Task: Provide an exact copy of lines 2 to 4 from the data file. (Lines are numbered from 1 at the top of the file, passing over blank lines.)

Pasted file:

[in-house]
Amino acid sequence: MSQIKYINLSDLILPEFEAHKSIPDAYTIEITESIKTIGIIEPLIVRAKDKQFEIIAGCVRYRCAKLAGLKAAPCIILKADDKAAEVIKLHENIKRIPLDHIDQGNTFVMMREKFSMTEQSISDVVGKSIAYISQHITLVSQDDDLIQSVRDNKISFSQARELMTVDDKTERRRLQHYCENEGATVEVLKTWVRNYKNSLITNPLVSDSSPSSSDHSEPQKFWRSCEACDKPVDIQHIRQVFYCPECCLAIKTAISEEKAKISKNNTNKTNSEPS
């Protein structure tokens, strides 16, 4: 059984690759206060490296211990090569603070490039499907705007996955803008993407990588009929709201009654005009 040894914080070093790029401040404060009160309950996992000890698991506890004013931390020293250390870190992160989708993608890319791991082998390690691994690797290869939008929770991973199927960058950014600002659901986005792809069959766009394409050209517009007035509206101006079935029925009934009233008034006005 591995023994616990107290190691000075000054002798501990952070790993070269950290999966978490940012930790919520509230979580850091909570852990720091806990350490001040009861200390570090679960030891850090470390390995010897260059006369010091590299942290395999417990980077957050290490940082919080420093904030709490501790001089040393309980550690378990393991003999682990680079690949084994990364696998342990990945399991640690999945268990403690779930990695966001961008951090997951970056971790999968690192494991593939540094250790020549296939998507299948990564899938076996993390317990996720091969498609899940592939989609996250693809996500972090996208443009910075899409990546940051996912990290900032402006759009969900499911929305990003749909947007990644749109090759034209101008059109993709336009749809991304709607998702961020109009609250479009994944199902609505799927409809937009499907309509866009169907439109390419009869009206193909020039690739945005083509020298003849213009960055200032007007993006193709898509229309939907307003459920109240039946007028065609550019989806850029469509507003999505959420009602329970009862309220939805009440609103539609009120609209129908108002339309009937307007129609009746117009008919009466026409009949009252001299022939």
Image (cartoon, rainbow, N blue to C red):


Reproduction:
Amino acid sequence: MSQIKYINLSDLILPEFEAHKSIPDAYTIEITESIKTIGIIEPLIVRAKDKQFEIIAGCVRYRCAKLAGLKAAPCIILKADDKAAEVIKLHENIKRIPLDHIDQGNTFVMMREKFSMTEQSISDVVGKSIAYISQHITLVSQDDDLIQSVRDNKISFSQARELMTVDDKTERRRLQHYCENEGATVEVLKTWVRNYKNSLITNPLVSDSSPSSSDHSEPQKFWRSCEACDKPVDIQHIRQVFYCPECCLAIKTAISEEKAKISKNNTNKTNSEPS
């Protein structure tokens, strides 16, 4: 059984690759206060490296211990090569603070490039499907705007996955803008993407990588009929709201009654005009 040894914080070093790029401040404060009160309950996992000890698991506890004013931390020293250390870190992160989708993608890319791991082998390690691994690797290869939008929770991973199927960058950014600002659901986005792809069959766009394409050209517009007035509206101006079935029925009934009233008034006005 591995023994616990107290190691000075000054002798501990952070790993070269950290999966978490940012930790919520509230979580850091909570852990720091806990350490001040009861200390570090679960030891850090470390390995010897260059006369010091590299942290395999417990980077957050290490940082919080420093904030709490501790001089040393309980550690378990393991003999682990680079690949084994990364696998342990990945399991640690999945268990403690779930990695966001961008951090997951970056971790999968690192494991593939540094250790020549296939998507299948990564899938076996993390317990996720091969498609899940592939989609996250693809996500972090996208443009910075899409990546940051996912990290900032402006759009969900499911929305990003749909947007990644749109090759034209101008059109993709336009749809991304709607998702961020109009609250479009994944199902609505799927409809937009499907309509866009169907439109390419009869009206193909020039690739945005083509020298003849213009960055200032007007993006193709898509229309939907307003459920109240039946007028065609550019989806850029469509507003999505959420009602329970009862309220939805009440609103539609009120609209129908108002339309009937307007129609009746117009008919009466026409009949009252001299022939």
Image (cartoon, rainbow, N blue to C red):